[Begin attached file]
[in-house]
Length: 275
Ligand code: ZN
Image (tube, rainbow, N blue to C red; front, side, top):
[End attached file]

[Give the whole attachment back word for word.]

[in-house]
Length: 275
Ligand code: ZN
Image (tube, rainbow, N blue to C red; front, side, top):